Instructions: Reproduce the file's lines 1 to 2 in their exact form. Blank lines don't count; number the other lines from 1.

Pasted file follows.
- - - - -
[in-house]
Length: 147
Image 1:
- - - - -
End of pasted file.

[in-house]
Length: 147